ECB leaves interest rate at 4%


European Central Bank President Jean- Claude Trichet said on July 5 that interest rates are still low enough to support economic growth, suggesting policy makers are considering raising them further.

``Our monetary policy is still on the accommodative side, with overall financing conditions favorable,'' Trichet said at a press conference in Frankfurt today after the bank left its benchmark rate at 4 percent, a six-year high. ``Looking ahead, acting in a firm and timely manner to ensure price stability in the medium run remains warranted.''

The ECB has increased rates eight times since late 2005 as the fastest economic expansion in six years gave companies room to raise prices and encouraged workers to demand more pay. Economists expect the bank to raise borrowing costs for a ninth time in September, a Bloomberg survey shows, and some investors are betting on a 10th quarter-point step by December.

Central banks around the world are raising rates to tackle the threat of accelerating inflation. The Bank of England today increased its benchmark rate by a quarter-point to 5.75 percent, also a six-year high, and Iceland's central bank kept its key rate unchanged at a record 13.3 percent. Bucking the trend, Indonesia's central bank cut its benchmark for the 13th time since May 2006.

Inflation Risks

The U.S. Federal Reserve has kept the benchmark rate at 5.25 percent for a year as economic growth slowed. The Fed said June 28 that inflation is still the ``predominant'' risk facing the world's largest economy.

The implied rate on the three-month Euribor futures contract for December settlement rose 3 basis points today to 4.59 percent. The contracts settle to the three-month inter-bank offered rate for the euro, which has averaged 16 basis points more than the ECB's benchmark rate since the single currency's start in 1999.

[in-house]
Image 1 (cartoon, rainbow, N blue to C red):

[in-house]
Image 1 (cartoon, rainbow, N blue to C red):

``We have no pre-commitment and no intention to change the present market expectations,'' Trichet said. ``If I have a message to you, I will ship it without any difficulties. I confirm that we're alert at any time.''

The euro-region economy will expand about 2.6 percent this year, the ECB forecast last month, close to last year's 2.7 percent expansion, which was the fastest since 2000. Inflation may average around 2 percent this year and next, the forecasts show. The bank aims to keep inflation just below 2 percent.

Too Much Money

Money-supply growth, which the ECB uses to gauge future inflation, unexpectedly accelerated to 10.7 percent in May, close to the fastest pace in 24 years.

``Given the continued vigor of money- and credit expansion, there are clear risks to price stability,'' Trichet said.

While euro-region inflation is likely to fall ``slightly'' in the months ahead from 1.9 percent in June, annual gains in consumer prices are seen increasing ``significantly'' toward the end of the year, Trichet said.

``Risks to price stability remain on the upside,'' with high capacity utilization and faster hiring threatening to fuel wage increases. He also mentioned further gains in oil prices as an inflation risk.

Germany's IG Metall, the country's largest union, on May 4 won a 4.1 percent raise for 12 months starting in June for 800,000 workers in the metals industry. German railway workers went on strike this week in pursuit of a 7 percent pay increase.

 


Bloomberg
7/5/2007 7:46:13 AM